Thank you Les Iijima for Your Questions & Support!

Thank you Les Iijima for Your Questions & Support!

Aloha Lesley,

Thank you for the questions; great way to get the communication & information out to the people!

Authors Notes:

  1. This article was submitted to West Hawaii Today for printing first. 
  2. Lesley Iijima's Letter to the West Hawaii Today can be read here. 

Affordable housing projects; Currently, there are six proposed projects in district 9. The largest one will bring approx. 1000 affordable units, when built, it has been waiting on a water availability determination from the state for over a year. Another smaller project slated to bring approx 25 units is also waiting on water availability. Two others in the Waikoloa area, Kamakoa Nui Multi-family unit and one other, are in the process of permitting. Aina Lea, is in litigation. The other Waikoloa project is stalled in procedural challenges concerning the Army Corps of Engineers' clearance and unexploded ordinance.

On the Agriculture, Water, Energy, A Food Nexus, I continue to work on building the support at the state and federal levels needed. That is not a project that will happen quickly nor without tremendous support from all sectors. With our current economy, the interest in food self-reliance, the interest is increasing.Les Iijima ©Maya Parish

Concerning the tax increase, raising taxes during an economic crisis is a feeble financial plan. We need to be fiscally minded as we go into this economic crisis. Across the nation, local governments and municipalities have reduced budgets by 15-20% on average. We only cut our budget by 7%. Even Maui County cut their budget more. The revenue projections are too optimistic (IMHO); that's why I pushed for cash management. I am still deeply concerned, and I will continue to work on this issue. The raising of taxes on a select few who could invest in our county and projects like my "Food Nexus", impacting them and alienating them is shortsighted. We have to expand the economy and doing so will give us the resources needed.


Les, I do need to correct some misinformation; I never suggested suspending mass transit. I have been a harsh critic of the mismanagement of mass transit. My intent during the budget process was to Manage the cash flow of mass transit. We had received $5 million in a federal grant to purchase buses. We could have delayed putting the additional $5million in the budget as we already ordered ten buses.

Delaying the capital investment for bus stops could have been suspended for six months until we see what our cash position is. I am an advocate for the fuel cell buses we have available to us now. Mass transit has not put them into service. If we get a new COVID..l-19 stimulus package, we can look into increasing capital investments. The CARES Act funding does not allow capital investment. Our county received approximately $80 million; it must be spent on programs related to COVID-19 by year-end. While helpful for the short term, it is not a rebuilding package.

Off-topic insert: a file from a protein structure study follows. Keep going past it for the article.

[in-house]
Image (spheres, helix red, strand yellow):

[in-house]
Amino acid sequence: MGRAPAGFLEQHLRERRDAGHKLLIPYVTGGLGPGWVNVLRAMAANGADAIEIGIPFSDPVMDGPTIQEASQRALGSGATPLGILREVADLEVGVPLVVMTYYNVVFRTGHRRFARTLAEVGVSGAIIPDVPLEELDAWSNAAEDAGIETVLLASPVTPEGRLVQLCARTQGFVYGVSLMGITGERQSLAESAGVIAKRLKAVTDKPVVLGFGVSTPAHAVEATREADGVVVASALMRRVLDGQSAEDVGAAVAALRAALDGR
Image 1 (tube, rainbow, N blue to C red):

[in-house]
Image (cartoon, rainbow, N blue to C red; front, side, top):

The Herbicide ban bill, yes, I voted against it; it was an anti-agriculture bill. Had it been a bill that worked towards Reducing usage, that we could afford, I would have supported it. We all want to reduce chemicals in our environment/food supply. To be draconian and think we can eliminate all herbicide use for the county without having repercussions is Pollyanna "ish". In the fall of 2019, Ventura County did a review of possibly eliminating herbicide use for their jurisdiction. They have half the land area and twice the population. They projected it would cost them an extra $20 million a year. Our park's director estimated it would increase her budget by $14 million a year to eliminate all herbicide use. We did not even have an estimate from our Department of public works. The bill proposed to ban three herbicides that are only used by farmers, not the county. Consumers should know what products are being used on our food supply, conventional farming and organic. (Often people are surprised when we discuss Organic concerning pesticides, but as you know, copper sulfate is prevalent in organic food production and is very toxic. We need to be mindful of all products used on our food supply.)

On the new shopping center, it appears construction is moving forward. The concern of the Waikoloa Road/Paniolo Avenue intersection is well known. The shopping center was permitted long before I was in office. They are under no obligation to contribute to the intersection upgrade. I have confirmed with the developer they will be making a $100,000 payment towards the upgrade. Knowing this has been a high priority for the Waikoloa Village Association and, nothing was done for years. I was able to work with the administration and finance and secure $10 million worth of funding for addressing that intersection and the resurfacing/reconditioning Paniolo Avenue. Currently, in the planning phase. These projects typically take 18 months to two years to complete.

Working with our Department of public works and our state department of transportation, the Waikoloa Road itself has been moved up the "STIP" project list. The plan was to have that road resurfaced this year. COVID-19 has impacted many of these plans; I'm hopeful we will get this done by year-end.

 

Les, thank you so much for the questions!! You highlighted some of the successes and show where more work is. Thank you for your continued support.

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